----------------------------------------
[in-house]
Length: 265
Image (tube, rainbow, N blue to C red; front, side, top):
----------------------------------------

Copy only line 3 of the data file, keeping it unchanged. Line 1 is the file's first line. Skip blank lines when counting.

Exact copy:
Image (tube, rainbow, N blue to C red; front, side, top):